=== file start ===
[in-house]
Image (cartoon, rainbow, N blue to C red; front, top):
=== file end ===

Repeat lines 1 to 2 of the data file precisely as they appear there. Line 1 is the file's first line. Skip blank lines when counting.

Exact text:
[in-house]
Image (cartoon, rainbow, N blue to C red; front, top):